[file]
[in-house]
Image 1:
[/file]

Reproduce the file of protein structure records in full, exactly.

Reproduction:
[in-house]
Image 1: